Imam Sadiq (a.s) says: When a human being enters the grave and Barzakh, the people of Barzakh rush to see him. They console him for a while until he comes to his senses because he has just passed the horrors, the tiring moments of the grave, its questioning and squeezing etc. Then they approach him and ask him about the lives and conditions of the friends. If he says that they are still in the world, they become hopeful that they might see him later. And if he says that they had died long time ago, they will say "He has fallen." That is to say, he is suffering from divine punishment, otherwise he would have been brought to us." [27]

It has been narrated from Ishaq bin Ammar in Al-Kafi that he said, "I asked Imam Kazem (a.s) whether a dead person would  meet his family. Imam Kazem replied: "Yes." Then I asked: "How often does he meet them?" Imam Kazem replied: "Depending on his divine position, he may meet them once every week, once every month or once every year..." [28]

Above these group of people, there are the divine saints whose spirits become stronger after death and after shaking off the material body. Their activities increase because the worldly obstructions like Taqiyah (practicing the faith in concealment), suffocation and the likes are no longer there. This group of people comes to the death bed of dying people making their deaths easier. They become their friends in the grave and deliver them from loneliness and horror. Then after preliminary procedures, he is taken to his friends to join them. For this reason, this group of people does not need to be informed by other spirits about people living on earth because they have full knowledge of the world and the intermediate realm.  They are not negligent of the conditions of the believers especially those who are in communication with them, serve them and seek means of nearness through them. [29]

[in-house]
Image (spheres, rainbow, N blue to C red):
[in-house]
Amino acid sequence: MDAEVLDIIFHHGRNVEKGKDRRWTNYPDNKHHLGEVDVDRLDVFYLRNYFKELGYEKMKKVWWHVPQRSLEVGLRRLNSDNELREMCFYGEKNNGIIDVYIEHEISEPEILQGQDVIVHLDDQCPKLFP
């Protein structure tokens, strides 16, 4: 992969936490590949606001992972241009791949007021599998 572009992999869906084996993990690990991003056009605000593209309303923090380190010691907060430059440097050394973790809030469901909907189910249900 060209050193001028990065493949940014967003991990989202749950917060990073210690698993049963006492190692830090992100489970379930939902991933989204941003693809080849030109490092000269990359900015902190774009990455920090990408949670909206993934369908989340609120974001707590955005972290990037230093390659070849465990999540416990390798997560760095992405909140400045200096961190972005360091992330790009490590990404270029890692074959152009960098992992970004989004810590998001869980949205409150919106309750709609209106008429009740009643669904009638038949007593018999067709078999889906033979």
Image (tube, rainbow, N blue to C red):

Fourth: The Heirs' Charity and Good Deeds

What is inferred from the Quranic verses and traditions is that man does not have access to any means after death, yet if he has done good deeds in the world, he will be, after his death, benefited by those deeds. Imam Jafar Sadiq (AS) says that: "Three things help a man after his death, and these are: a continuous charity given by him, a good habit he taught to others and a good offspring he leaves behind, who prays for his forgiveness." [30]

The good deeds which the heirs do for the deceased ones are also have the same effect; it is considered to be a kind of Baqiyat al-Salihat (deeds of righteousness). For example, one of the Infallible Imams was asked: Are dua, Sadaqa and prayer for the deceased useful to them? He said: "Yes." [31]